Calling him democracy’s best hope is admittedly pushing it, but after both major political parties came so close to losing their control over the electoral process, it’s not irrational to think the Democrats and Republicans might retract this whole democracy thing and make it more difficult for non-establishment candidates to secure their party’s nomination. It may not be the same as stripping away voting rights from people (or closing polling stations), but when you limit people’s choices you essentially make the choice for them.
Donald Trump winning could result in the same exact thing, but if Trump’s nonconformism is a winning combination, the parties are much more likely to figure out how to harness voters’ angst, not silence it. Donald Trump winning weakens both political parties, and two weaker parties open up room for new options, and options are good in democracy. Trump, even being shitty, is good for Democracy…
…if he’s not actually as scary as the major media outlets would have us believe. If he is that scary, well, that’s one hell of a bomb about to tick away in Washington D.C..
Donald Trump might save us from the Hillary Clintons of the world, but at what cost? Are we talking four years of a do-nothing president, or are we cutting off our noses to spite our….oh, fuck, we just blew up the world. See, that’s the predicament America. Get in line and vote for someone who knows how to game the system, or roll the dice and hope the nuke we’re launching has some good tracking coordinates.
Granted, if we gamble by voting for Donald Trump, we should probably expect a counter strike from those we’d be standing up to. See, Trump is our nuclear option. Maybe it’s best if we just don’t, you know, use it right now. Maybe, just maybe, there is a plan C out there for us.
Should fans care that Deadpool was nominated for a Golden Globe?
Deadpool is the first superhero film to be nominated for Best Picture, and that a superhero movie has been nominated for anything other than its effects.
The Hollywood Foreign Press Association (HFPA) announced Monday night its nominations for the Golden Globes, and amidst the usual gossip of snubs and surprises, the biggest shocker came in the form of nominee for Best Picture – Comedy/Musical, Deadpool. This marks the first time that a superhero movie has been up for Best Picture at the Golden Globes, and honestly one of the few times ever that a superhero movie has been nominated for a major award for anything other than its effects. The question is, should we, as fans, care?
Now first off let’s just say that Deadpool was a hell of a movie. It zipped back and forth between crass and witty in a wonderful comedic ride that stayed true to the heart of the titular character that even the best of superhero films struggle to accomplish. The story of how the film came to be made probably deserves a documentary all it’s own, with the climax, of course, being the moment the test footage was leaked to an adoring public. No one is trying to say that Deadpool didn’t deserve to be nominated as one of the best comedies of the year.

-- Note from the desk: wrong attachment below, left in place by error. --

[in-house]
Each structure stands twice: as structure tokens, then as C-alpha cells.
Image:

The Golden Globes have been notorious for years as the ultimate “Who Gives a Shit” awards. The Oscars have a voting pool of over 6,000 members, the Emmy’s have more than 18,000 members, and the Screen Actors Guild gives a vote to each of its 165,000 members. And how many people vote on the Golden Globes? 88.
And these are 88 people with some of the most tenuous of credentials possible. To become part of the voting bloc, an applicant must first be sponsored by two people who are already a part of the HFPA, but after that, all they must do is produce four published articles a year. This combination of nepotism-based admission and one of the lowest bars imaginable to maintain membership has always marred the Golden Globes and kept them from being truly respected as an award. Thus, them nominating anything for anything has very little meaning to it.
As we said earlier, Deadpool‘s nomination marks the first time a superhero film has been up for Best Picture. In a way, it is a huge accomplishment for a genre that has always been viewed as merely action spectacles with little substance. Every year superhero films have managed to take a few steps closer towards wide-spread critical legitimacy with recent films beginning to take on serious topics and truly explore the emotional complexities of its characters.
When viewed from that light, Deadpool‘s nomination for Best Picture, even if only for a Golden Globe, could, in an incredibly optimistic, best-case scenario, serve as a precedent for future superhero films to earn awards beyond Best Visual Effects.
Which brings us back to the original question, should fans of superhero films care that Deadpool was nominated for a Golden Globe?
Sadly, no. While Deadpool is no doubt deserving of the honor, even should it win the award – it won’t, it’s going to go to La La Land, we’re calling it now – the Golden Globes simply aren’t respected enough for their opinions to sway any of the other award communities.
If you are one day hoping to see all of the Avengers (or the Justice League . . . I guess) on stage accepting the Academy Award for Best Picture, then please, don’t hold your breath.
Reasons to take a news break over the holidays